Why spreadsheets are bad for OKRs

You might be obfuscating risks if you're tracking OKRs by replacing values in a cell. Being green does not always mean being on track.

Why spreadsheets are bad for OKRs

I have a love/hate relationship with spreadsheets. I can do almost everything with it, but it quickly becomes a nightmare if you're using it for goal-tracking. Let me explain.

Why do we track OKRs?

Tools and frameworks are here to assist us and make problems easier to solve, but they're generally not the answer by themselves. When teams adopt the Objectives and Key Results (OKRs) framework, it's not because they need another set of practices. It's because they want to be more outcome-driven.

The OKRs framework has 2 components:

  • The Objectives (Os): qualitative statements that describe the outcome that you want.
  • The Key Results (KRs): quantitative goals that define success.

Now, it's not enough to define your OKRs at the start of the quarter. If you want your organization to be outcome-driven, then your teams should be measuring progress on the KRs every week. This is where spreadsheets usually come in as a way to keep track of progress — and this is where things get touchy.

But before we look at the issues with spreadsheets, I want to talk about status updates.

What makes a good update?

A good update should answer these 5 questions:

  • Progress: where are you today?
  • Expectation: is this where you're supposed to be?
  • Trends: are you getting better or worse?
  • Root cause: what do you think happened?
  • Plan: should you do something differently?

So, when you're using OKRs, you want to cover these 5 points every week. When you're getting started you usually end up with a table like the one below:

  • A colored cell with completion percentage for progress and expectation.
  • A cell with comment for root cause and plan.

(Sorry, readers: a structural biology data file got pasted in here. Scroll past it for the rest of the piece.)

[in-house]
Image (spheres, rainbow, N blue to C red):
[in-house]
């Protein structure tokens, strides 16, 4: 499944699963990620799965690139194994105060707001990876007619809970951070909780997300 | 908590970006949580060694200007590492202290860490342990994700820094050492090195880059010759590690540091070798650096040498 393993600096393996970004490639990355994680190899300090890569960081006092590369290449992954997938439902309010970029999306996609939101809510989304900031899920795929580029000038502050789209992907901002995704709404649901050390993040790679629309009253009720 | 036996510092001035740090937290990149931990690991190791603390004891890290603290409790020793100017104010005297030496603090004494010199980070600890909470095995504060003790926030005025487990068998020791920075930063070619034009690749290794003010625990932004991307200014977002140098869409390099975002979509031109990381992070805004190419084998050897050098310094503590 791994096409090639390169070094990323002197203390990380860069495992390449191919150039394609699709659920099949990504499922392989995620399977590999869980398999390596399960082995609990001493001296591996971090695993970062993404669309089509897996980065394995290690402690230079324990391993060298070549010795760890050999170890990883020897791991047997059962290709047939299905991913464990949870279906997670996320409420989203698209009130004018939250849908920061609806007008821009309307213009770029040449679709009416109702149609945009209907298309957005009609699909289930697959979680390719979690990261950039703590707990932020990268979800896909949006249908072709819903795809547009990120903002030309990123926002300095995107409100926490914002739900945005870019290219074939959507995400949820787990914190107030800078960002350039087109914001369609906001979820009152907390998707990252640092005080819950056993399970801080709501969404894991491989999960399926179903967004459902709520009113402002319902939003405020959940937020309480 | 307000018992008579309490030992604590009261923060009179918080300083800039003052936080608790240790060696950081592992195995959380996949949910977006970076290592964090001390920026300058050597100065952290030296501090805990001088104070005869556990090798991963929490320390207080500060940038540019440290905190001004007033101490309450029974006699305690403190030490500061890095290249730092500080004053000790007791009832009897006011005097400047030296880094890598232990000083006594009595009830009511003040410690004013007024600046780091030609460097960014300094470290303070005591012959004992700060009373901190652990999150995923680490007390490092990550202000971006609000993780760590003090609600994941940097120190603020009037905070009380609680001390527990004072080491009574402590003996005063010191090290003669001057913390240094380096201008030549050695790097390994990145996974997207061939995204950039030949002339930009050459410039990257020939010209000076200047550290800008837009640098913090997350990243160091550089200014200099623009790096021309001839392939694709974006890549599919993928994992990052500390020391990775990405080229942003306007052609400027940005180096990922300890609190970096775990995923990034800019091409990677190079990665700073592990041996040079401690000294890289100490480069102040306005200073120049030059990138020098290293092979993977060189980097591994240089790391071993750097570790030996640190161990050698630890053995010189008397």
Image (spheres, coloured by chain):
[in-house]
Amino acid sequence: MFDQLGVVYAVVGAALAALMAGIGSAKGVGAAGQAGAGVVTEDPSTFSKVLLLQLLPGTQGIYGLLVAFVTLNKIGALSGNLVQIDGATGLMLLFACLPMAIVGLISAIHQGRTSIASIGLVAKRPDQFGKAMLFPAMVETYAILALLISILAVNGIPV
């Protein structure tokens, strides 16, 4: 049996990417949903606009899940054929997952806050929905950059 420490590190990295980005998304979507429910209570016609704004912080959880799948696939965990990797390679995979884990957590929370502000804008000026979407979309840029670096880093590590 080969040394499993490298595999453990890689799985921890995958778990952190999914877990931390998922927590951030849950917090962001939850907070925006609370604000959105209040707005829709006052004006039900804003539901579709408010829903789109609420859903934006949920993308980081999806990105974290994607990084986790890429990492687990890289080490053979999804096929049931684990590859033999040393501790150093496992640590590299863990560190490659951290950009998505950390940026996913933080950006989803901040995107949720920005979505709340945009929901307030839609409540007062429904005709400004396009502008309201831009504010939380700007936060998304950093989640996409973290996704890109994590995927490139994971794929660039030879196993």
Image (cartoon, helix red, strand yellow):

Every week, the team comes back to that spreadsheet and replaces values in the cells. And here's where things get bad: you have no sense of trends and you keep losing your history.

Look at the picture below

It feels like things are in good shape and this chart could be the equivalent of the green cell in the table above. We're above the target line half-way through the quarter. All good? Well, let's look at the previous updates.

Now the situation doesn't look so great anymore. In fact, we should be panicking at that trend because it looks like we're going to crash.

What you need instead is a simple way to visualize weekly progress. A graph can tell a story faster than percentages in a cell. I should be able to understand what's going on by glancing at a graph, and this graph should be easy to maintain. Of course, you can try to replicate that with a spreadsheet but that's precisely the problem we're solving with Tability.

We automate feedback with reminders and simplify goal-tracking. Our job is to help your team stay focused and accountable - with minimal effort.

Check out the video below if you want to know more about Tability, and you can get started for free at https://tability.io